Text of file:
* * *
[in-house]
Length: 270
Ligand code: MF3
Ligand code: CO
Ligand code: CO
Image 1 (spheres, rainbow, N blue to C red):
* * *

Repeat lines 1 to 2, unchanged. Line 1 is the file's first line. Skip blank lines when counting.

[in-house]
Length: 270